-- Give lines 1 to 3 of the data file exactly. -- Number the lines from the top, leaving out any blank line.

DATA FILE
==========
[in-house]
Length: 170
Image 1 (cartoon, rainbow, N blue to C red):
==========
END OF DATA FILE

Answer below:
[in-house]
Length: 170
Image 1 (cartoon, rainbow, N blue to C red):